PRR A5s

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PRR A5s
RRMOP 94.JPG
PRR No. 94 at the Railroad Museum of Pennsylvania
Type and origin
Power type Steam
Builder Juniata Shops
Build date 1916–1924
Total produced 47
Specifications
Configuration 0-4-0
Gauge 1,435 mm (4 ft 8 12 in)
Driver dia. 50 inches (1,300 mm)
Loco weight 131,750 pounds (59,760 kg)
Firebox:
 • Firegrate area
38.3 square feet (3.56 m2)
Boiler pressure 185 pounds (84 kg)
Cylinder size 20 inches (510 mm) × 24 inches (610 mm)
Performance figures
Tractive effort 30,190 pounds (13,690 kg)
[1]

The Pennsylvania Railroad's class A5s was the largest class of 0-4-0 steam locomotives. The Pennsylvania Railroad built 47 in its Juniata Shops between 1916–1924. They were all retired by 1957. One is preserved at the Railroad Museum of Pennsylvania.

History[edit]

In the 1920s many railroads in the United States of America had retired 0-4-0 steam locomotives, because they were too small to move freight cars in yards and were too small for switching duties. This was not the case on the Pennsylvania Railroad. The Pennsylvania Railroad was keen on this wheel arrangement due to complex street and tight industrial trackage across its broad system of trackage. For some of these lines, the Pennsylvania Railroad needed a large 0-4-0 to handle the larger switching activities the railroad had. Although the class B was designated for steam locomotives with the 0-6-0 wheel arrangement, these steam locomotives could not fit the tight and complex street, dockyard and industrial trackage the Pennsylvania Railroad had in its possession.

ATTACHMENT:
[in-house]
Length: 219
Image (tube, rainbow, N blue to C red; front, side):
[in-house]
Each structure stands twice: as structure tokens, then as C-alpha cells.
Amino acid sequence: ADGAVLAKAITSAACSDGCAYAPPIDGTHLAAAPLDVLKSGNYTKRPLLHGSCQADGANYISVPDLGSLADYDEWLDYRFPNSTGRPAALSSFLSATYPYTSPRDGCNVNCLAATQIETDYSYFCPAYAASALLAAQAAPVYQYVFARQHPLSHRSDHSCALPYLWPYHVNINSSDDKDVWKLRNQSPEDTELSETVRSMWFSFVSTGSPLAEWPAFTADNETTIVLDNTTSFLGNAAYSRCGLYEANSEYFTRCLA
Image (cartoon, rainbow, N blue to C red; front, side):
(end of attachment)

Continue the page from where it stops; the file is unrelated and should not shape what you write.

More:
As early as 1956, the A5s steam locomotives started to be replaced by higher horse powered and heavy duty diesel switchers. Over the next year, these switchers were gradually replaced by diesel locomotives. Finally in 1957, the Pennsylvania Railroad converted from steam to diesel power and the end of an era was finished.

Preservation[edit]

There is one known A5s 0-4-0 in existence. Pennsylvania Railroad number 94, is the sole surviving A5s in existence. It is at the Railroad Museum of Pennsylvania in Strasburg, Pennsylvania, across from the Strasburg Rail Road.

Notes[edit]

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